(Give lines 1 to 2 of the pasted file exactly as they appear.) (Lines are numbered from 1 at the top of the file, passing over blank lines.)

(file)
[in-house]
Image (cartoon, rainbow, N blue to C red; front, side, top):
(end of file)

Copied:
[in-house]
Image (cartoon, rainbow, N blue to C red; front, side, top):